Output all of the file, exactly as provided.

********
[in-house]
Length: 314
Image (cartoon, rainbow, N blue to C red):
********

[in-house]
Length: 314
Image (cartoon, rainbow, N blue to C red):